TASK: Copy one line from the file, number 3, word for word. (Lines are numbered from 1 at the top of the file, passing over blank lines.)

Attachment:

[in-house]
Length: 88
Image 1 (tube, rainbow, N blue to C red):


Image 1 (tube, rainbow, N blue to C red):